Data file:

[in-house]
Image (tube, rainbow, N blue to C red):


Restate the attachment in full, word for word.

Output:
[in-house]
Image (tube, rainbow, N blue to C red):